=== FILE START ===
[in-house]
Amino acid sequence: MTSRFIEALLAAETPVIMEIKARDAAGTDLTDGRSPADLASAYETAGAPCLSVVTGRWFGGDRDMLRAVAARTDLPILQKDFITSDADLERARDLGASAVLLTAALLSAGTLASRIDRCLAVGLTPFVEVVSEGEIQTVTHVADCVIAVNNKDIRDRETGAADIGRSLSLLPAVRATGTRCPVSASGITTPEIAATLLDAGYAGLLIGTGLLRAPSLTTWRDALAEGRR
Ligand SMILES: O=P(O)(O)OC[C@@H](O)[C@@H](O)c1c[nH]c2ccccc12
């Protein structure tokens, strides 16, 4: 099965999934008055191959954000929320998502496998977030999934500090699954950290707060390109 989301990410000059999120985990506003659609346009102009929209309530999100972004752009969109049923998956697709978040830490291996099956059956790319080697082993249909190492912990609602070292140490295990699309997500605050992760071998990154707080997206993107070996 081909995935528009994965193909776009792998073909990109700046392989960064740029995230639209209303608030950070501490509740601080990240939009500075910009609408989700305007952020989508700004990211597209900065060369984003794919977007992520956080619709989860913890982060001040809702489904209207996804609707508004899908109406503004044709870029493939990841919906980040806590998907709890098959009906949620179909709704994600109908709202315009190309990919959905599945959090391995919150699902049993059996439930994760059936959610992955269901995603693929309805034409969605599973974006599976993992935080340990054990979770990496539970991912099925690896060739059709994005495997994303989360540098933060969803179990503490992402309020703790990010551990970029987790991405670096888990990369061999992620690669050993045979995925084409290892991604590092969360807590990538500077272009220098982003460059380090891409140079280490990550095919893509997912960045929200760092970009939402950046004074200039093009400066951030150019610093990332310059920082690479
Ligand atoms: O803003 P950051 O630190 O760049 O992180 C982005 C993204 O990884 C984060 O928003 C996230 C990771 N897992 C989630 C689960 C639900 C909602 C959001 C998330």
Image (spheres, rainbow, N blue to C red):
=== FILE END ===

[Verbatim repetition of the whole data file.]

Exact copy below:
[in-house]
Amino acid sequence: MTSRFIEALLAAETPVIMEIKARDAAGTDLTDGRSPADLASAYETAGAPCLSVVTGRWFGGDRDMLRAVAARTDLPILQKDFITSDADLERARDLGASAVLLTAALLSAGTLASRIDRCLAVGLTPFVEVVSEGEIQTVTHVADCVIAVNNKDIRDRETGAADIGRSLSLLPAVRATGTRCPVSASGITTPEIAATLLDAGYAGLLIGTGLLRAPSLTTWRDALAEGRR
Ligand SMILES: O=P(O)(O)OC[C@@H](O)[C@@H](O)c1c[nH]c2ccccc12
């Protein structure tokens, strides 16, 4: 099965999934008055191959954000929320998502496998977030999934500090699954950290707060390109 989301990410000059999120985990506003659609346009102009929209309530999100972004752009969109049923998956697709978040830490291996099956059956790319080697082993249909190492912990609602070292140490295990699309997500605050992760071998990154707080997206993107070996 081909995935528009994965193909776009792998073909990109700046392989960064740029995230639209209303608030950070501490509740601080990240939009500075910009609408989700305007952020989508700004990211597209900065060369984003794919977007992520956080619709989860913890982060001040809702489904209207996804609707508004899908109406503004044709870029493939990841919906980040806590998907709890098959009906949620179909709704994600109908709202315009190309990919959905599945959090391995919150699902049993059996439930994760059936959610992955269901995603693929309805034409969605599973974006599976993992935080340990054990979770990496539970991912099925690896060739059709994005495997994303989360540098933060969803179990503490992402309020703790990010551990970029987790991405670096888990990369061999992620690669050993045979995925084409290892991604590092969360807590990538500077272009220098982003460059380090891409140079280490990550095919893509997912960045929200760092970009939402950046004074200039093009400066951030150019610093990332310059920082690479
Ligand atoms: O803003 P950051 O630190 O760049 O992180 C982005 C993204 O990884 C984060 O928003 C996230 C990771 N897992 C989630 C689960 C639900 C909602 C959001 C998330």
Image (spheres, rainbow, N blue to C red):